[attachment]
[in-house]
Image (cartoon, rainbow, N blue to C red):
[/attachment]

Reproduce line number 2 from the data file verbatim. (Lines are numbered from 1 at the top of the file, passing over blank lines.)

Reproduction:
Image (cartoon, rainbow, N blue to C red):